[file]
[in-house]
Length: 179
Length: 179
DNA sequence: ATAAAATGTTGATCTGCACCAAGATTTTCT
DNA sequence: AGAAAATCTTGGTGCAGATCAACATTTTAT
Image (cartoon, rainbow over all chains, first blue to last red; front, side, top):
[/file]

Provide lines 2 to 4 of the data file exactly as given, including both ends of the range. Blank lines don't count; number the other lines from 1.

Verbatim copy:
Length: 179
Length: 179
DNA sequence: ATAAAATGTTGATCTGCACCAAGATTTTCT